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Open Access

Tweetluenza: Predicting Flu Trends from Twitter Data

Balsam AlkouzZaher Al Aghbari( )Jemal Hussien Abawajy
Department of Computer Science, University of Sharjah, Sharjah 27272, UAE.
Department of Science, Engineering and Built Environment, Deakin University, Melbourne 3125, Australia.
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Abstract

Health authorities worldwide strive to detect Influenza prevalence as early as possible in order to prepare for it and minimize its impacts. To this end, we address the Influenza prevalence surveillance and prediction problem. In this paper, we develop a new Influenza prevalence prediction model, called Tweetluenza, to predict the spread of the Influenza in real time using cross-lingual data harvested from Twitter data streams with emphases on the United Arab Emirates (UAE). Based on the features of tweets, Tweetluenza filters the Influenza tweets and classifies them into two classes, reporting and non-reporting. To monitor the growth of Influenza, the reporting tweets were employed. Furthermore, a linear regression model leverages the reporting tweets to predict the Influenza-related hospital visits in the future. We evaluated Tweetluenza empirically to study its feasibility and compared the results with the actual hospital visits recorded by the UAE Ministry of Health. The results of our experiments demonstrate the practicality of Tweetluenza, which was verified by the high correlation between the Influenza-related Twitter data and hospital visits due to Influenza. Furthermore, the evaluation of the analysis and prediction of Influenza shows that combining English and Arabic tweets improves the correlation results.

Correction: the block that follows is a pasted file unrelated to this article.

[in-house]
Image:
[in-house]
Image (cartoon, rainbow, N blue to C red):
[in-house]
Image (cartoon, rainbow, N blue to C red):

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Big Data Mining and Analytics
Pages 273-287
Cite this article:
Alkouz B, Aghbari ZA, Abawajy JH. Tweetluenza: Predicting Flu Trends from Twitter Data. Big Data Mining and Analytics, 2019, 2(4): 273-287. https://doi.org/10.26599/BDMA.2019.9020012

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Received: 08 January 2019
Revised: 12 May 2019
Accepted: 22 May 2019
Published: 05 August 2019
© The author(s) 2019

The articles published in this open access journal are distributed under the terms of the Creative Commons Attribution 4.0 International License (http://creativecommons.org/licenses/by/4.0/).

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